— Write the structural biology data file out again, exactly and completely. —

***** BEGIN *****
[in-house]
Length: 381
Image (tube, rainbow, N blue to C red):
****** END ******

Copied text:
[in-house]
Length: 381
Image (tube, rainbow, N blue to C red):